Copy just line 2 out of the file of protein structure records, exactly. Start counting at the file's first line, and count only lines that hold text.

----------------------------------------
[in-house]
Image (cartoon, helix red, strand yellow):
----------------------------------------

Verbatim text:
Image (cartoon, helix red, strand yellow):